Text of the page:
virtues of the new Bishop were not unknown to him.
He was taught that he was sanctified by the Holy
Ghost, and would be the instrument of the salvation
of many ; and, in consequence, with what joy, devotion,
and affection, did he receive him." Their time was
spent in holy converse and aspirations of divine love ;
Ninian, doubtless, being eager to learn from so great a
saint, and profiting by his readiness to solve the difficul-
ties of Scripture, and to speak of Christ, and the rules
of holy living. He also gained another advantage. His
wish was to introduce religion into his country in its
completeness, to present it before his people, not only
in the statement of doctrines and rules of practice, but
as visibly embodied in the Church, and manifested in
her sacred services ; it was his intention to imitate,
" as the faith, so the customs of the Roman Church
in building Churches and arranging the services ;"
and he requested St. Martin to furnish him with
masons for the work. " In the tabernacle of the Lord



ST. NINIAn's EETDRN to BRITAIN. 81

two columns are joined together, and two cherubim
stretching out their wings touch each other ; now
borne up on the wings of virtue they withdraw to
be with God ; now standing and letting them fall
they condescend to their neighboui-s. So these saints
returned from heavenly objects to the things of this
world." At last they parted. " They had feasted on
their mutual conversations as on heavenly banquets,
and separated with embraces, kisses, and tears shed
in common. St. Mai'tin remained in his See. Mnian
hastened to the work for which he had been sent forth
by the Holy Ghost."

Such is the sympathy of holy men ; such their love,
seeming not to need the usual preparations of human
friendsliip ; but as they each have advanced towards
the one model, the image of Christ, enabling them to
understand each other at once.

On his way through France and Belgium, as Came-
rarius reports, St. Ninian was anxious to labour for the
conversion of the people, and great numbers were
the fruit of his preaching. The authority however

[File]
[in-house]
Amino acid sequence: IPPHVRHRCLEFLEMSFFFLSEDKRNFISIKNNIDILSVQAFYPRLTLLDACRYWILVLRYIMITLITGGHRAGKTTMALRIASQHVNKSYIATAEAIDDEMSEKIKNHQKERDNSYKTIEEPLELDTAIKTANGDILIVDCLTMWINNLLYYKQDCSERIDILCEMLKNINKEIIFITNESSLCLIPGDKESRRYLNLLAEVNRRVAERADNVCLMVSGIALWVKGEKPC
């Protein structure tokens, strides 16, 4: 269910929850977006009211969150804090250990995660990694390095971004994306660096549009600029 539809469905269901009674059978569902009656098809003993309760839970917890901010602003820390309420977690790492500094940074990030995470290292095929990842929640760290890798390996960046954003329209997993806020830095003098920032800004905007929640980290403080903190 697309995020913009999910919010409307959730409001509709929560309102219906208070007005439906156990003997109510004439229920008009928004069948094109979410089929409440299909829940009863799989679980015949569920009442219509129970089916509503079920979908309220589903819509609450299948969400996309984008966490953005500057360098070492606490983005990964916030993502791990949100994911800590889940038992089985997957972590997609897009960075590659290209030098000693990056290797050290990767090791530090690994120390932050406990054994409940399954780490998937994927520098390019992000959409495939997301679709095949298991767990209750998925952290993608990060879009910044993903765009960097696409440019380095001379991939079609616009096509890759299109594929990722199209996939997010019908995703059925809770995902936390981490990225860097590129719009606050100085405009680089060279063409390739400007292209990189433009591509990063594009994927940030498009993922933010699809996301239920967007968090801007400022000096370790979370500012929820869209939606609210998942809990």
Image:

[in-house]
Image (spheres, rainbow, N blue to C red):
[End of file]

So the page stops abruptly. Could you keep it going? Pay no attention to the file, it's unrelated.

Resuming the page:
is very recent, and though he may be regarded, like
other later writers, as preserving and perpetuating a
tradition of a much earlier date, the evidence is so
slight, that we must leave the matter simply to re-
commend itself by its internal probability.

And now, after an absence of many years, St. Ninian
is again in sight of the shores of Britain, and gazes on
its white cliifs as he nears his native land. But greatly
is he changed. He had gone forth, young, uninformed,
seeking to be taught the truth. He returns in ma-
ture age, with sohd judgment, deep knowledge, con-
firmed faith, commissioned to instruct others, and to
impart to them those true views of doctrine, and those
R



82 ST. NINIAN's return to BRITAIN.

many lessons of holy living which he had been storing
up. But with how great a responsibility did he come,
and with how little earthly help. In Rome he had
been surrounded by those who sympathized with him,
and were engaged in the sacred pursuits he had been
devoted to ; counsel, consolation, and aid were ever at
hand. Now was he to stand alone, with a half bar-
barous people around him, whom he had to labour to
convert, or to correct, scarcely knowing how they
would receive him, or how he should find access to
their minds.

On the part of his countrymen however the greatest
interest was felt in him. "We know how strongly the
inhabitants of remote districts are interested in those
who have left the seclusion in which they live, to make
their way in the world. There is among such people
a strong feeling of community, which makes each one
a relation as it were to all the rest ; and if one goes out
from his native village to make his way in a larger
sphere, deep interest is felt in his success, and a desire
to hear of him. The old remember him as a child,
and his father and father's father. The young were
the companions of his boyish days. K he becomes
distinguished and honoured, all seem to have a share
in it. And Ninian had been a youth whose goodness
and engaging manners would especially gain their
affections. He was a Briton, the son too of one of their
own princes, to whom it was natural they should cling
with peculiar attachment as associated with the remem-
brance of what their tribes had been ; for amid the im-
provements of Roman civilization, many ardent spirits
would look back on the ■s\41d glories of their un-
civilized days, and cherish the recollection of the re-
nown and independence of their race. We may imagine



ST. ninian's return to britatnt. 83

the interest with which they would hear of the esteem
in which their young countiyxaan was held, the posi-
tion which he occupied even in the chief city of the
world ; and the joy with which they would receive the
news, that he was to be restored to them as their